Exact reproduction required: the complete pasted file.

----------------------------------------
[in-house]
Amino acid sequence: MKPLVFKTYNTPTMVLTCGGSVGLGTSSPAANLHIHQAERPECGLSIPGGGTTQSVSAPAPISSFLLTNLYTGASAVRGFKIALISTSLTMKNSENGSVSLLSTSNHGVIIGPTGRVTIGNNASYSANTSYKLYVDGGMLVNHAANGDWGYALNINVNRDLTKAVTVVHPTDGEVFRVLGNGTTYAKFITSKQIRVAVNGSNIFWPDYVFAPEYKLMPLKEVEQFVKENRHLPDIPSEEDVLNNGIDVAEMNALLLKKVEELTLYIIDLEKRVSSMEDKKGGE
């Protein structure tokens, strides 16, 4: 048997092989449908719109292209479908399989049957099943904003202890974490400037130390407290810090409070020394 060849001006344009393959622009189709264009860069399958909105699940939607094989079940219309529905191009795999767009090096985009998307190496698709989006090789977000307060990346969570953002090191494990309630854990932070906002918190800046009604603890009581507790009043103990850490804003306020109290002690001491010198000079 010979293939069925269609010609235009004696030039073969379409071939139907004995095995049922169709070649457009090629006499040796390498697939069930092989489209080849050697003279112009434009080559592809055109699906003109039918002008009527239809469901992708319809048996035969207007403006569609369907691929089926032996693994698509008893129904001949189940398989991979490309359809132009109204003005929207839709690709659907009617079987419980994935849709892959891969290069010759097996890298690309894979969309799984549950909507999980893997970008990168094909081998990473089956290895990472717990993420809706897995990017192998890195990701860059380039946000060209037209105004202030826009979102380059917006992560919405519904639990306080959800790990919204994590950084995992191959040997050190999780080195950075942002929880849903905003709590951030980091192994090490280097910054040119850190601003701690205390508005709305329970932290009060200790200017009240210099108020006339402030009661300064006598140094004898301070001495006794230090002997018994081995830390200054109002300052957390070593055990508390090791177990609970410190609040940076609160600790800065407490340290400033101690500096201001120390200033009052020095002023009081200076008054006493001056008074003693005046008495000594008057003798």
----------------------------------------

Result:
[in-house]
Amino acid sequence: MKPLVFKTYNTPTMVLTCGGSVGLGTSSPAANLHIHQAERPECGLSIPGGGTTQSVSAPAPISSFLLTNLYTGASAVRGFKIALISTSLTMKNSENGSVSLLSTSNHGVIIGPTGRVTIGNNASYSANTSYKLYVDGGMLVNHAANGDWGYALNINVNRDLTKAVTVVHPTDGEVFRVLGNGTTYAKFITSKQIRVAVNGSNIFWPDYVFAPEYKLMPLKEVEQFVKENRHLPDIPSEEDVLNNGIDVAEMNALLLKKVEELTLYIIDLEKRVSSMEDKKGGE
């Protein structure tokens, strides 16, 4: 048997092989449908719109292209479908399989049957099943904003202890974490400037130390407290810090409070020394 060849001006344009393959622009189709264009860069399958909105699940939607094989079940219309529905191009795999767009090096985009998307190496698709989006090789977000307060990346969570953002090191494990309630854990932070906002918190800046009604603890009581507790009043103990850490804003306020109290002690001491010198000079 010979293939069925269609010609235009004696030039073969379409071939139907004995095995049922169709070649457009090629006499040796390498697939069930092989489209080849050697003279112009434009080559592809055109699906003109039918002008009527239809469901992708319809048996035969207007403006569609369907691929089926032996693994698509008893129904001949189940398989991979490309359809132009109204003005929207839709690709659907009617079987419980994935849709892959891969290069010759097996890298690309894979969309799984549950909507999980893997970008990168094909081998990473089956290895990472717990993420809706897995990017192998890195990701860059380039946000060209037209105004202030826009979102380059917006992560919405519904639990306080959800790990919204994590950084995992191959040997050190999780080195950075942002929880849903905003709590951030980091192994090490280097910054040119850190601003701690205390508005709305329970932290009060200790200017009240210099108020006339402030009661300064006598140094004898301070001495006794230090002997018994081995830390200054109002300052957390070593055990508390090791177990609970410190609040940076609160600790800065407490340290400033101690500096201001120390200033009052020095002023009081200076008054006493001056008074003693005046008495000594008057003798």